This is the eye of the financial storm: UK banks are far from being healthy

Andrew Lilico
PRIVATISATION at Lloyds, but losses. An internal quasi-bad bank at RBS. Co-op bank falling into the hands of its bondholders. How healthy is the UK’s banking sector?

With GDP growth picking up, and crisis in the Eurozone in abeyance, it’s natural to imagine that the worst of the UK’s banking crisis is now behind us. We look on smugly at the problems Ireland has experienced, and the ongoing calamities in countries like Spain and Cyprus, and think either “That couldn’t happen here”, or perhaps “Phew – we just about avoided that.”

But should we really believe the UK banks are healthy? In a developed, stable economy in a sustainable long-term growth trajectory, interest rates will be approximately equal to (or perhaps slightly above) the sum of inflation and annual GDP growth. From 2000 to September 2008, for example, the average difference between the Bank of England’s Bank Rate and the rate of consumer price index (CPI) inflation was 3 per cent, while GDP grew annually at 2.4 per cent.

Indeed, that 2000-2008 period is now widely thought to have involved too low interest rates, suggesting that (if anything) the gap between Bank Rate and CPI inflation should have been even higher than 3 per cent. But let’s take that as our figure for now. So if we hope for UK GDP to return to growing at around 2.5 per cent per year and CPI inflation to be 2 per cent, we need interest rates to be able to be about 5 per cent on average (3 per cent more than CPI inflation).

That average needs to allow some scope for rates to be above average when the Bank of England is trying to get inflation down or to cool down booms, as well as below average in more disinflationary scenarios. About 2 per cent above or below the average interest rate would be normal — we need the economy to be able to cope with around 3 to 7 per cent interest rates if we are to return to reasonable, stable growth, including steady real wage rises (notably lacking these past few years). That should not seem so fantastical. After all, Bank Rate was 5.75 per cent as recently as late 2007.

Why am I telling you this now? Because when we think about how bust or otherwise UK banks are, and how much of a drag on the UK economy they are, the correct question is not how healthy their balance sheets will be if UK interest rates stay at 0.5 per cent for the next 10 years. If interest rates stay that low, there is no way we could achieve stable low-inflation growth with steady wage rises. The banks will only be healthy, and stop being a drag on the economy, when they wouldn’t be bust if Bank of England interest rates rose to at least 5 per cent, and ideally 7 per cent or more.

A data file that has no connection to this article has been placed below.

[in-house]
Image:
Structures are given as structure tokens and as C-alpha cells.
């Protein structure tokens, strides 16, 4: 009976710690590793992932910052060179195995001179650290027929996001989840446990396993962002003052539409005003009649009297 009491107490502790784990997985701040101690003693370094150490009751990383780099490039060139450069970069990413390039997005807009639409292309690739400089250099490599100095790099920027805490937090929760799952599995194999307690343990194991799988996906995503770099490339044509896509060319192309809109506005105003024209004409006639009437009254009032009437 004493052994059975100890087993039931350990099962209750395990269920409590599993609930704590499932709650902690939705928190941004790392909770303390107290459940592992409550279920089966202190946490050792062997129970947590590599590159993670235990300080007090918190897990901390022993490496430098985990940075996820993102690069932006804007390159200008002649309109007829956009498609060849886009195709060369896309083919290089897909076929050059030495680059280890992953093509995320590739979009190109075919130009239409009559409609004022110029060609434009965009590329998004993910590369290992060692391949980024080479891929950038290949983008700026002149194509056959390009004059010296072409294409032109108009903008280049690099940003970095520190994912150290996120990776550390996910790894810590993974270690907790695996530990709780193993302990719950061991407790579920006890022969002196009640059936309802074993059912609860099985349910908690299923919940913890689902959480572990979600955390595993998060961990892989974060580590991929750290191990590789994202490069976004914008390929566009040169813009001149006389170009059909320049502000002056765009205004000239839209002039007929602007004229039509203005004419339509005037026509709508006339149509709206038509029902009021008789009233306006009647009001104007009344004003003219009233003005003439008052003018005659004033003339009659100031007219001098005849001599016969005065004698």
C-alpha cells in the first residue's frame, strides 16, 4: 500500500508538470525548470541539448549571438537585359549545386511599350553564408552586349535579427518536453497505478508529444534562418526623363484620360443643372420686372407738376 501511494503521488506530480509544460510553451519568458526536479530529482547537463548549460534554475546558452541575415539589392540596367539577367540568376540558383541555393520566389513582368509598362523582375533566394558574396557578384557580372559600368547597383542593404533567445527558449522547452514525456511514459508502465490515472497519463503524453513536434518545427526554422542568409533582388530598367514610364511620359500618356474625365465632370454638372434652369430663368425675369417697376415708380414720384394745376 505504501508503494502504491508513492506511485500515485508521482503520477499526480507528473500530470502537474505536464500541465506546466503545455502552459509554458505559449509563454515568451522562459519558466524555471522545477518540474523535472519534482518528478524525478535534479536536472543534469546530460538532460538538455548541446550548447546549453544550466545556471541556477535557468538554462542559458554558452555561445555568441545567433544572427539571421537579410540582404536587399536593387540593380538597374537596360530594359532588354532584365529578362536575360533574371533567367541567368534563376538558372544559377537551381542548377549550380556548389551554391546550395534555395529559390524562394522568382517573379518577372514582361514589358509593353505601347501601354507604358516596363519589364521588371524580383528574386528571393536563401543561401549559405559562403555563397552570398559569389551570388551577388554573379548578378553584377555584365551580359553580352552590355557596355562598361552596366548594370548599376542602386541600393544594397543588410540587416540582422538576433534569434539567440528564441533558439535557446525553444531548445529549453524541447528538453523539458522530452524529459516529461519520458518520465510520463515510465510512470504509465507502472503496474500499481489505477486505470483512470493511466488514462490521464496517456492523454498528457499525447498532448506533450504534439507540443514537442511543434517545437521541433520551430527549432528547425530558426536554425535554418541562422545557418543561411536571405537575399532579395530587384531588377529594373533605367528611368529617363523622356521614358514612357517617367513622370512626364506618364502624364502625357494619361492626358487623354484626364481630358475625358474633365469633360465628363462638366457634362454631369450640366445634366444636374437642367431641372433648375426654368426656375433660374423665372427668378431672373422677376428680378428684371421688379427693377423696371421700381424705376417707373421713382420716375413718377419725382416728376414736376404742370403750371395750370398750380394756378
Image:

Alas, it seems most implausible that the UK economy could cope with anything like 5 per cent interest rates (let alone 7 per cent) without widespread defaulting on mortgages and business loans, bankrupting much of the banking and building society sectors (again). And that’s not the only problem. In addition, banks and other financial institutions hold significant amounts of UK government debt, acquired at very low yields distorted downwards by QE. If interest rates were to rise to 5 per cent, the Bank of England (and hence the Treasury) would make vast losses on QE (potentially as much as a third to a half of the £375bn total). But in addition, the UK financial institutions that hold UK government debt would also make large losses.

So the UK’s financial sector is still a very long way from sustainable health. Until interest rates can be raised markedly from their current levels, we should expect growth to be inflationary, with workers and savers taking the pain.

Will inflation be the answer? It may well be the path, but that doesn’t mean it’s the solution. In the early 1970s, as the government attempted to inflate its way out of economic difficulties, interest rate rises precipitated a house price crash leading to large losses for UK banks, with the Bank of England bailing out about 30 so-called “secondary” banks and assisting another 30. In that instance, inflationary policies probably exacerbated the banking crisis, rather than solving it.

Today, attempts to reflate the economy are combined with attempts to persuade households to take on large mortgages at still-excessive house prices and totally unsustainable mortgage rates.

We may well grow rapidly for the next 18 months to two years. Banks may start lending. Wages may even rise. But that is just the eye of this economic and financial hurricane. The UK economy and banking sector is a long, long way from being healthy.

Andrew Lilico is chairman of Europe Economics.